Rights Group Urges Prosecution of Troops For Killing Teenager in Deep South

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A photo of the 14-year-old boy shot by an army volunteer on 21 August. The Ranger later confessed to planting the gun in the boy's hand after finding him dead.
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Security officers in Narathiwat province on 27 April, 2014.

BANGKOK — An international human rights organization has called on the Thai government to prosecute the army ranger who confessed to killing a 14-year-old Muslim boy in southern Thailand last month.

“The Thai government faces a clear-cut test on whether it will arrest and prosecute those responsible for the killing of a Malay Muslim teenager,” said Brad Adams, the Asia director of the New York-based Human Rights Watch. “A failure to act decisively will further fuel perceptions in the Muslim community that the Thai security forces are untouchable and can commit abuses with impunity.”

Last month, an army volunteer in Narathiwat province confessed to shooting and killing a 14-year-old boy who was passing by his post on a motorcycle on 21 August, officials said. After finding the teenager dead, the ranger then allegedly planted a gun in the boy’s hand to frame him as an insurgent.

Narathiwat and two other southern provinces in Thailand have been plagued by Islamic separatist violence since 2004. 

Authorities said the ranger, Ekkapoj Samansuan, was charged with manslaughter and other offences, yet according to Human Rights Watch no disciplinary action has been taken against Ekkapoj or any other members of his unit.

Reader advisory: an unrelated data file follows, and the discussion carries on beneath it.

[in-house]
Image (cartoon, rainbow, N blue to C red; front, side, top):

Local authorities gave the boy’s family 500,000 baht, “but providing compensation does not absolve the government from its responsibility to prosecute officials responsible for an unlawful killing,” Human Rights Watch said in a press release today.

Over 6,000 people have died in the separatist violence that has terrorised the provinces of Narathiwat, Yala, and Pattani since 2004. Several groups of Islamic insurgents seeking autonomy from the Thai state are thought to be behind many of the attacks targeted at Buddhist civilians and security officers, though there have also been cases of revenge attacks on Muslims by Buddhist vigilantes. Civilians have accounted for more than 90 percent of the deaths.

Human rights groups have criticised the military's occasionally heavy-handed approach to stamping out violence in the southern border provinces, as well as their reliance on rangers, many of whom are volunteers armed by the authorities.

In March, two rangers confessed to shooting three boys dead and wounding their parents to seek revenge for one of their family members in Narathiwat province.

According to Human Rights Watch, the Thai government has repeatedly failed to discipline and prosecute security personnel who commit human rights violations.

“The Thai government should wake up to the fact that attempts to cover up misconduct of its security units and protect them from criminal responsibility fans the flames of violent reprisals,” Human Rights Watch's Adams said. “Insurgents have repeatedly used the impunity of government forces to justify brutal attacks on civilians.”

Read more:
Ranger Admits Murdering, Planting Gun On Muslim Boy

 
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